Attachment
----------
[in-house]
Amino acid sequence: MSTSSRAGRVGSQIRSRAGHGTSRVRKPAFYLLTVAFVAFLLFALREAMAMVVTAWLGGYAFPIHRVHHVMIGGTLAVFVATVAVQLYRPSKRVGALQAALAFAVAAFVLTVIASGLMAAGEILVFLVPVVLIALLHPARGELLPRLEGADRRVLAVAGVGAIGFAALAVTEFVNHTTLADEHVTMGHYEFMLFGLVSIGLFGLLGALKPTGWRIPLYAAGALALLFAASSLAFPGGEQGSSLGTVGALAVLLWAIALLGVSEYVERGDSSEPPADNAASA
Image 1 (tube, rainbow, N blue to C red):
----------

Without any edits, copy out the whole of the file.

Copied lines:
[in-house]
Amino acid sequence: MSTSSRAGRVGSQIRSRAGHGTSRVRKPAFYLLTVAFVAFLLFALREAMAMVVTAWLGGYAFPIHRVHHVMIGGTLAVFVATVAVQLYRPSKRVGALQAALAFAVAAFVLTVIASGLMAAGEILVFLVPVVLIALLHPARGELLPRLEGADRRVLAVAGVGAIGFAALAVTEFVNHTTLADEHVTMGHYEFMLFGLVSIGLFGLLGALKPTGWRIPLYAAGALALLFAASSLAFPGGEQGSSLGTVGALAVLLWAIALLGVSEYVERGDSSEPPADNAASA
Image 1 (tube, rainbow, N blue to C red):